Short Sale

What Is a Short Sale?

A real estate short sale is when a third party or homeowner negotiates a discount on the payoff amount due to a mortgage company. This happens when a homeowner owes more money to banks  and/or lien holders than what the property can currently sell. In order to sell a property that is “upside down” in equity, the bank must agree to accept less than what is currently owed on the property. This typically is done for a homeowner who is behind on mortgage payments and facing foreclosure. It is best when a homeowner is 90 days late (sometimes less) on their mortgage and has no alternative to settle up and not enough equity to sell fast.

How Do You Benefit From a Short Sale?

Short sale allow you to STOP FORECLOSURE and get a fresh start. A short sale may allow the seller to buy a new home again in as little as 2 years. A foreclosure remains on your credit report for 10 years, and you may not be able to purchase another home for 5-7 years.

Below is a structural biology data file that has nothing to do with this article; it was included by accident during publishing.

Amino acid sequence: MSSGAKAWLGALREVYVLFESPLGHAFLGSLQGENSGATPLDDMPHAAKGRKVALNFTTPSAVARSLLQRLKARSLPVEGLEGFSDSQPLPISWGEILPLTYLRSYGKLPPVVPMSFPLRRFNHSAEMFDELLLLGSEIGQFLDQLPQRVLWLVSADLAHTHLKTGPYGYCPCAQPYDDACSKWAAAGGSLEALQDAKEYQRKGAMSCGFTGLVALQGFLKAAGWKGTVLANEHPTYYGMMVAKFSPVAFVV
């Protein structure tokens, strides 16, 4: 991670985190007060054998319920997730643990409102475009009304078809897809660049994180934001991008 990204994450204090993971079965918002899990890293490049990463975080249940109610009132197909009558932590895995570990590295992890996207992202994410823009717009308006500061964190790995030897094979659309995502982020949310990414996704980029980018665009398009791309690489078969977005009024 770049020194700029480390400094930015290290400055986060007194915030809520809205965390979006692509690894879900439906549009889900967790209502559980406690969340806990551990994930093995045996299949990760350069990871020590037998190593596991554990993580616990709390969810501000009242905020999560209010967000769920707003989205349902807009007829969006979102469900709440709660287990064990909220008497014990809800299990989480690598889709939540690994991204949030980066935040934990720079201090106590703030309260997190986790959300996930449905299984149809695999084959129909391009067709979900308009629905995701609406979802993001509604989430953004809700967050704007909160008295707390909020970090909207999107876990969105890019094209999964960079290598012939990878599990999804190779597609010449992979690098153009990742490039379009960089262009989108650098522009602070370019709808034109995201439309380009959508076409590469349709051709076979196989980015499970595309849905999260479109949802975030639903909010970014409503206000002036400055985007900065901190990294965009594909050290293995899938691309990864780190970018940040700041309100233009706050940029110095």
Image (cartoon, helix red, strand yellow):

Short sales are not reported on a credit history. It will typically be reported as “settled”, paid as agreed,” “paid as less than agreed.” or something similar. Current or future employers running a credit check will see foreclosure, but then they will not see a short sale.

Deficiency judgments may be negotiated between the homeowner and lender in a short sale, and a good negotiator is often able to negotiate NO deficiency judgment. On the other hand, banks do not negotiate deficiency judgments after a foreclosure, and you will likely have a judgment filed.